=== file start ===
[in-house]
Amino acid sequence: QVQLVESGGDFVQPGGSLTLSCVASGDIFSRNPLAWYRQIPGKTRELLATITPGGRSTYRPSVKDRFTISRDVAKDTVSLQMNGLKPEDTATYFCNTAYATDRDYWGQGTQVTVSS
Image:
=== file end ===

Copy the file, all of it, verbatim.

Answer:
[in-house]
Amino acid sequence: QVQLVESGGDFVQPGGSLTLSCVASGDIFSRNPLAWYRQIPGKTRELLATITPGGRSTYRPSVKDRFTISRDVAKDTVSLQMNGLKPEDTATYFCNTAYATDRDYWGQGTQVTVSS
Image: